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This is the largest, most widely distributed, and perhaps most colorful small pennant species in the region. Its common name is descriptive because of its distinctive orange and brown or black wings. The face is yellowish or olivaceous, becoming darker with age and red in males. The thorax is yellowish-green with a dark middorsal stripe and narrow lateral stripes on the sutures. Size: length: 30-42 mm; abdomen: 20-30 mm; hindwing: 27-35 mm.
Lakes, ponds, borrow pits and marshes with emergent vegetation. This mating pair was photographed along the Bartram Trail adjacent to Lake Thurmond in Columbia County, GA.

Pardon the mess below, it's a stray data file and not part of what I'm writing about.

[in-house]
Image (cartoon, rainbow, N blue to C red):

Males are not territorial, perch near edge of ponds, waiting for incoming females. Mating typically takes place in the morning. Oviposition is in tandem. Frequently seen perched on weeds in fields as it forages, pivoting with the wind. Predatory on other insects.